Trusts are a big part of the planning. “One popular structure is a SLAT, or spousal lifetime access trust,” he said. “The donor spouse funds the irrevocable trust, typically on behalf of his or her non-donor spouse and other family members, like children and grandchildren.”
SLATs are popular because although the donor spouse is not a beneficiary, the trustee could make distributions to the non-donor spouse during the non-donor’s spouse’s lifetime. That’s often done to maintain the couple’s standard of living, which of course may indirectly benefit the donor spouse.
“The key to planning is flexibility,” Bloom explained. “We know that these exemptions are good now, but what if the changes are retroactive? In that case clients may need a way to unwind their gifts. We can accommodate that with a disclaimer provision within the documents that basically allow the doner, or recipient, to disclaim the gift and it would return to the donor.”
Matthew Rheingold — a partner at the law firm of Einhorn Barbarito, Frost & Botwinick PC, where his focus includes wills, trusts and estates, and taxation — said he’s working with many clients “to prepare basic documents like trust agreements now, although we’ll wait to fund them once the details of the president’s tax plans get ironed out.”
He’s concerned though, that owners of certain businesses, including ones structured as sole proprietorships, partnerships or other “pass-through” entities — where profits and losses generally flow through to owners or members and are taxed at their individual income tax rate — may be in for a bigger tax bill.
“If President Biden follows through on his planned repeal of the QBI deduction [which currently enables certain small-business owners and others to deduct up to 20% of their qualified business income from being taxed at the federal level] for people with taxable income in excess of $400,000, it could be a big hit,” he said.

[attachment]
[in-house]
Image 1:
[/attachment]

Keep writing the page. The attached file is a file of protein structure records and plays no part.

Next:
But the news isn’t all bad. Residents of New Jersey and certain other high-tax states could get a “huge” break if Biden is able to eliminate the $10,000 cap on state and local tax deductions from the 2017 Tax Cuts and Jobs Act, he added.
Prepare, don’t react
For estates, flexibility is crucial, advises Claire Toth, managing principal and senior wealth strategist at Peapack Private Wealth Management. “If you can delay making irrevocable decisions until all the facts are known, that’s ideal. Techniques like disclaimer trusts and flexible QTIP [qualified terminable interest property trust] elections can defer decisions about which spouse owns which assets until after the first death. A spousal limited access trust can move assets out of the estate while keeping them available to the donors.”
“The biggest possible estate tax change may be what happens to unrealized appreciation at death,” she added. “Under current law, most assets get a new tax basis equal to then fair market value. One possible change is no basis adjustment. Another is to tax all that appreciation at death. Either would roil the entire estate planning landscape. “
And “what happens to the basis of non-publicly traded assets like private businesses, real estate, and family farms?” she asked. “Creating a taxable event at death would require a new level of estate planning. It’s far better to prepare than react.”